The Hartford Financial Services Group (HIG) has agreed to sell its Retirement Plans business to Massachusetts Mutual Life Insurance Co. for $400 million, the Hartford, Conn.-based company announced Tuesday.
The $400 million cash deal is structured as a reinsurance transaction and is expected to close by the end of 2012, according to The Hartford’s 8-K filing with the Securities and Exchange Commission (SEC). The Hartford expects the transaction to have no material impact on its GAAP financial results and to benefit net statutory capital by approximately $600 million, including a ceding commission and a reduction in required risk-based capital, on closing.
Early this year, after a weak first-quarter earnings report and a 39% drop in HIG stock in 2011, the hedge fund manager John Paulson pressured The Hartford to sell off its units. Paulson & Co. retains an 8.4% stake in The Hartford, making it the largest shareholder. Paulson filed a Schedule 13D in February with the SEC in an effort to force The Hartford’s hand in taking quick action to break up its property and casualty and life insurance units. The life unit includes The Hartford’s wealth management, mutual funds and annuities operations.
“The agreement marks the second of three planned business sales as we continue to make good progress executing on our strategy,” said Liam McGee (left), chairman, president and CEO of The Hartford, in a statement released Tuesday. “With The Hartford’s sharper focus on its historical strength in insurance underwriting, along with efforts to improve expense efficiencies, increase capital generation and reduce market risks, we are on the right path to deliver greater shareholder value.”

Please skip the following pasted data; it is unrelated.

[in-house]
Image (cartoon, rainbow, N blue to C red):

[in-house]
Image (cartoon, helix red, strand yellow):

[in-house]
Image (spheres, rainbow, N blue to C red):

The Hartford and American International Group announced in July that the insurance giants had signed a definitive agreement to make HIG’s independent broker-dealer, Woodbury Financial Services, part of AIG’s Advisor Group. The Hartford said on March 21 that it would exit the variable annuity and life insurance businesses to focus on its property and casualty insurance business.
The Hartford’s Retirement Plans business, which serves more than 33,000 plans and about 1.5 million participants, is primarily a defined-contribution business, with $54.9 billion in assets under management as of June 30. After the deal closes, The Hartford’s Retirement Plans employees will become part of MassMutual’s Retirement Services Division.
“Our Retirement Services Division has experienced record growth in recent years and is an important contributor to MassMutual’s overall profitability and success,” said MassMutual Chairman, President and CEO Roger Crandall in a statement. “This transaction enables us to accelerate growth into new sectors, add complementary distribution capabilities, and nearly double the number of retirement plan participants we serve.”
As part of the agreement, The Hartford will continue to sell new retirement plans during a transition period, and MassMutual will assume all expenses and risk for these sales through a reinsurance agreement. Between now and the close of the transaction, there are no planned changes with respect to the day-to-day interactions between The Hartford and its Retirement Plans’ distribution partners, plan sponsors and customers.
Read The Hartford Exiting Life, Annuity Business, Exploring Sale of BD Woodbury at AdvisorOne.